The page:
Today I have the ambition of a louse. If you have ever been a louse you will know exactly how I feel. Loosing one ambish with each sneeze for the last 10 days leaves the score minus something, so that it has been difficult indeed to lash up enough energy to get started on this miserable piece of English composition.

There was a rift in the clouds this week occasioned by receipt of a letter from Dan and a letterette from Dick, but such is the ingratitude and insatiable appetite of man, that already I am hoping for more this week in order to even up the score which is been so one-sided for so long a period.

As to Dan’s comments about cigar smoking, it seems to me it was just about a year ago next week that you wrote me about another cigar smoking episode involving a Rossi that you and one Swanson donated to your boss Bud Johnson. Is this cigar yearning a recurring annual event such as hay fever? Does it help you to write inspired letters? If so, I shall be tempted to send you a box. (I do not refer to the w.k. pine box). It may be your vacation trip to the peninsular villages would loosen a flood of descriptive waterfalls, some of which might get diverted to P.O. Box 7. The check you sent is being credited to your account. Thanks also for the pictures. These together with the others you have sent I have turned over to Barbara, as she has so many more that we and anyway, it is not possible to see them properly without the use of Helen’s projector. Which reminds me, if you want to know what I would like to have for Christmas, that’s it. I mean a projector with which to display some of the wonderfully colored little art gems you have sent home. They are really exceptionally beautiful. You will know if you have seen them projected on a screen, but cannot appreciate their beauty otherwise. The consensus of opinion seems to be that for scenic views and still life they are better than the colored movie films. Some of your shots were really of a place alongside the paintings of Corot or Turner. With two movie cameras up there and funds with which to purchase films I am surprised we have not received more Alaskan films recently.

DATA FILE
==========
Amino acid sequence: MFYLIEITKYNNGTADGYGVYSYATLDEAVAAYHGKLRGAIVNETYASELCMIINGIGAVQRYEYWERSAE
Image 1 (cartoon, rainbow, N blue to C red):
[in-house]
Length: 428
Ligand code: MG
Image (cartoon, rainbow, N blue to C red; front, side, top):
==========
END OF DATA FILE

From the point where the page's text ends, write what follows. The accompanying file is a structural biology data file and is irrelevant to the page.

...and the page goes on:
Will somebody please tell me whether any of you were able to contact Dr. Laszlo. I know he was looking forward to seeing you. Possibly I was too enthusiastic in my build up with the corresponding letdown if none of you could spare the time to get away to meet him at the station or dock or what not.

Grandma and Dorothy left Wednesday and are now installed in a new apartment. The visit did Dorothy lots of good.